Research continues in order to develop the best diagnostic tests and treatments for the variety of forms of tying-up in these breeds.
Dr. Stephanie J. Valberg, firstname.lastname@example.org, Department of Clinical and Population Sciences, College of Veterinary Medicine, University of Minnesota.
Identification of insulin resistance: Two methods are currently employed by physicians to identify insulin resistance in humans. The first approach is to measure blood glucose and insulin levels following a period of fasting. The second test involves oral administration of a glucose solution and identifies the clearance rate from the circulation (glucose tolerance test). Both tests—elevated levels of glucose and insulin and prolonged insulin responses to glucose administration—are indicative of insulin resistance. While each test offers an inexpensive and practical assessment of insulin sensitivity, a more accurate test may frequently be employed, namely the euglycemic, hyperinsulinemic clamp procedure. The clamp procedure utilizes a basic principle of maintaining a steady-state blood level of insulin and glucose via constant infusion. The total amount of glucose infused over time is an index of insulin action on glucose metabolism. Because insulin actively causes glucose uptake by peripheral tissues, primarily muscle and fat cells, an insulin-sensitive individual requires glucose to be infused at a high rate to maintain constant blood levels. In contrast, the insulin-resistant patient requires much less glucose to maintain basal plasma glucose levels, since peripheral tissues fail to utilize glucose as rapidly as occurs in sensitive individuals.
The mechanism whereby insulin resistance leads to certain disease states in horses remains largely unknown. However, lessons learned from human studies suggest that insulin resistance represents a condition of low-grade inflammation. As a result, insulin resistance may be accompanied by elevated blood levels of several chemical signals (cytokines) related to inflammation. In turn, some cytokines may predispose the individual to changes in local blood flow of tissues and release of inflammatory agents that lead to tissue injury. The exact mode of this relationship is unclear.
Development of a model to induce transient insulin resistance—what can we learn? To further understand the relationship between insulin resistance and some disease conditions, our laboratory has recently developed a simple method to induce a transient insulin resistance condition that may provide an opportunity to investigate changes in the release of cytokines potentially involved in the etiology of some diseases, including laminitis. This method utilizes infusion of a 20% lipid emulsion containing heparin (to facilitate enzymatic production of free fatty acids) for four hours. The change in sensitivity to insulin before and after infusion of a lipid solution is illustrated in Figure 3. Prior to infusion of the lipid solution, glucose infusion rates were higher, indicating a more insulin-sensitive state. Immediately following infusion of the solution, glucose infusion rates were lower, indicating a decreased response to insulin.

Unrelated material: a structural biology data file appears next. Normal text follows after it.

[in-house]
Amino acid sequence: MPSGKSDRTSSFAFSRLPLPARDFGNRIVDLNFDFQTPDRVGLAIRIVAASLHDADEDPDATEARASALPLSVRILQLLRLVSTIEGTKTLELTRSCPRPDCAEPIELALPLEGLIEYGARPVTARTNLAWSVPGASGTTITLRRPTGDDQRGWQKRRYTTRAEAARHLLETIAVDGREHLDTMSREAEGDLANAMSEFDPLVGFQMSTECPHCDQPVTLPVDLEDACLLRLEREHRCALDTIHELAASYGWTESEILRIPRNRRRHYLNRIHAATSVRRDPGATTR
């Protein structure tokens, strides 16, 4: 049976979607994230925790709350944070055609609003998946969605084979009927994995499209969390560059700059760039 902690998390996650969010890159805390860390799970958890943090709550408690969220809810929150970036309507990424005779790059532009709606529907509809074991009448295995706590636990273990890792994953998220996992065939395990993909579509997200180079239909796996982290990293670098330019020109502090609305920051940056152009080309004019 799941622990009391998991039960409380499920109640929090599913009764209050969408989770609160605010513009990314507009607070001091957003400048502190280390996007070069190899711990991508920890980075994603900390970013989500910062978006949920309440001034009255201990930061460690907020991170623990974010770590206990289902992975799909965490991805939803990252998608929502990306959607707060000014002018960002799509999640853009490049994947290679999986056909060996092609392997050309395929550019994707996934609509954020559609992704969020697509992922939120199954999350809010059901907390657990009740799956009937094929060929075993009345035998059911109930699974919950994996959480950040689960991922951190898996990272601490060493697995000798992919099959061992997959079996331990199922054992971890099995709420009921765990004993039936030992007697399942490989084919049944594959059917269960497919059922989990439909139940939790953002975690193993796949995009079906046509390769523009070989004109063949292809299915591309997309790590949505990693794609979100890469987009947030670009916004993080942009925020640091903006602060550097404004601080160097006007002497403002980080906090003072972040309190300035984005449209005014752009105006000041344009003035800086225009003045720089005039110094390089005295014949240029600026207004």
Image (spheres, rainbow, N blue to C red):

Potential methods to block insulin resistance—physical and pharmacological: In humans physical exercise can improve insulin sensitivity through different mechanisms, including increased glucose uptake in muscle cells and improved insulin action on target tissues. A forthcoming report (VI International Conference on Equine Exercise Physiology, Lexington, Ky., Sept. 2002) demonstrates that increased insulin sensitivity occurs without an alteration in body weight or condition in horses subjected to short-term, low intensity exercise (1 week at 30 minutes per day). This finding is useful because many obese, insulin-resistant horses are older, and high intensity exercise may be too demanding.
Currently, many therapeutic drugs effectively improve insulin sensitivity in humans, including two families of drugs, thiazolidinediones and biguanides. These drugs function like exercise, by reducing glucose production in the liver and increasing muscle glucose utilization. An investigation is currently under way to determine whether one of these therapeutic drugs is effective in the horse.
Dr. Barry P. Fitzgerald, email@example.com;
Dawn R. Sessions, graduate research assistant; Mandi M. Vick, graduate research assistant; (859) 257-3757
Department of Veterinary Science, University of Kentucky, Lexington, Kentucky.
Gracie Hale, (859) 257-1192, firstname.lastname@example.org, Maxwell H. Gluck Equine Research Center, University of Kentucky.